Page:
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Technology for the Casino Industry
By Jennifer Roberts, Associate Director, UNLV International Center for Gaming Regulation
For exhibitors featuring gaming devices at G2E, Nevada regulation requires that they be either licensed as a manufacturer or distributor or must be limited to displaying product and are prohibited from selling or taking orders “for use or play in Nevada.” NGC Regulation 14.340. The exhibitor must also display a sign that they are not licensed as a manufacturer or distributor in Nevada.
A gaming device has specific meaning in Nevada. Not only is it a slot machine, but it’s also defined as a collection of certain components making up a slot machine, including a wired slot machine cabinet. NRS 463.0155. It’s not only the gaming devices that require a manufacturer’s license, but also cashless wagering systems, mobile gaming systems (that operate within footprint of licensed resort establishment), and interactive gaming systems (also known as internet gaming). These types of systems often support the advancing shift to gambling on mobile devices.
In order to make gaming devices or certain systems for use or play in Nevada, a nonrestricted gaming license as a manufacturer is required. Further, in order to sell or lease such devices or systems, a separate distributor’s license is needed. Often, a company will obtain both licenses as part of the same process, but they are distinct. The process for obtaining both licenses is as strict as if operating a casino. It will require stringent background reviews of company owners, directors, and officers (or equivalents), can cost up to hundreds of thousands of dollars (which must be paid up front), and can take several months to complete. The licensing process for nonrestricted gaming licenses has been compared to the national security clearance process, but more intrusive!
Once a business successfully obtains approval from the Nevada Gaming Commission for the manufacturer’s and/or distributor’s license(s), it doesn’t end there.
Now, the process requires that a gaming device or system first obtain certification after comprehensive testing by a Nevada-licensed independent testing lab, such as BMM or GLI. The lab results and technology are then reviewed by the Nevada Gaming Control Board’s Technology Division. The Board may then require the technology to be placed into field trial on the casino floor for up to 180 days. NGC Regulation 14.080. The field trial allows the technology to be tested, evaluated, and modified (if necessary) after casino and consumer interaction. Alternatively, a company can pursue “New Innovation Beta,” which allows for a field trial to be performed while the gaming device or system is still being evaluated and reviewed by the Technology Division. Id. This simply shortens the time for the technology to be integrated into the casino market.
Some technology is considered to have less impact on game outcome or determination of win or loss. This is known as “associated equipment” and ranges from cards or dice to sports book software not involving wagering accounts. Associated equipment requires a lessened level of licensing and review, but still requires some form of approvals and testing.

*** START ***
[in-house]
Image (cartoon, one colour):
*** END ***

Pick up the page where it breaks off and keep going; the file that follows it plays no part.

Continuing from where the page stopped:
The most interesting aspect to casino technology is bracing for the casino of the future. We’ve already seen the development and roll-out of skill-based gaming, including games that involve characters making 3-pointers in virtual basketball or competitive PacMan played for money. There is wide speculation that wagering on esports–video game tournaments–will become increasingly popular among younger generation consumers. We’ve already seen esports take a larger role within traditional sports platforms. For example, if you go to the ESPN website, you will find a tab for esports next to NFL, NBA, and NHL.
There is also the potential for virtual and augmented reality to be incorporated into traditional casino gambling. Maybe you can put on a headset and play a game of cards in a tropical setting. Or you can watch slot machine bonus rounds come to life or you can play roulette and have your phone display characters cheering on the wheel spin.
As sports betting expands, there is also huge potential for technology to play a prominent role. We’ve already seen a market shift to mobile sports betting (about half of wagers) and in-play (live game) wagering (about 1/3 of wagers). Therefore, there is great opportunity to incorporate augmented features, such as displayed odds, to accompany real-time sports action. See Luke Haward, Augmented Reality in Gambling, CDC Gaming Reports (Sept. 19, 2018).
Furthermore, there is also potential for virtual currency or casino transactions being recorded using blockchain technology. Currently, there are no state or tribal gaming regulators in the United States accepting cryptocurrency, such as Bitcoin, for gambling. However, regulators certainly are aware of the technology. I expect that they would sooner embrace blockchain, the underlying technology supporting cryptocurrency markets, to document gambling transactions and processes than accept cryptocurrencies for wagering.
It will be interesting to see how the innovators behind these progressive technologies will take to the licensing process and interact with traditional laws and regulations. Although regulators have been at times criticized for being slow to embrace change, the Nevada gambling regulators were quite quick to update laws and regulations for new technologies, such as skill-based gaming, and to permit wagering on esports. The time is now to start thinking of what technology has in store for the gambling industry.